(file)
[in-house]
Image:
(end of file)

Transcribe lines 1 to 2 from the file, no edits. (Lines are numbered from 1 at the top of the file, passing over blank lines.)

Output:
[in-house]
Image: